About 1,500 metres above sea level, surrounded by snow-capped mountains twice as high, Kamikochi lives up to its name — which means “the land of the gods”.
Kamikochi is a flat-bottomed river valley that stretches for 15 kilometres through the Chubu Sangaku National Park. On the valley floor, the shallow Azusa River rolls over smooth, grey pebbles, its waters a remarkable, almost luminous shade of turquoise-blue. Twisted larch and willow-like chosenia grow by the water’s edge, while macaques scamper along the branches in forests of giant Japanese elm and yew. Looming over it all are the spectacular, snow-covered slopes and serrated peaks of the Japanese Alps, the gateway to some of the best mountain hikes to be had in Japan.
It’s difficult to talk about Kamikochi without resorting to cliché. “Stunning” hardly does justice to the sight of Kappabashi Bridge against its backdrop of Mount Hotaka. “Crystal-clear” doesn’t communicate the rippling greys, blues and greens that shimmer in the waters of the Azusa River. “Awe-inspiring” feels like an empty phrase when applied to volcanic Mount Yake, whose eruption in 1915 partially dammed the river and left withered trees in its wake. It still smokes to this day, as if to say, “I could do it again, you know. Just try me.”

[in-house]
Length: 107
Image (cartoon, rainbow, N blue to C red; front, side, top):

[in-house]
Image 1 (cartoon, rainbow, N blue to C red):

Day hikers can wander grassy meadows dotted with elm trees, spotting kingfishers and flycatchers on their way to limpid pools. Those who stay a little longer will have peaks to conquer, mountain huts to hunker down in, and onsen hot springs from which to look up at the stars. This isn’t just the most beautiful place in Japan — it just might be the most beautiful place in the world.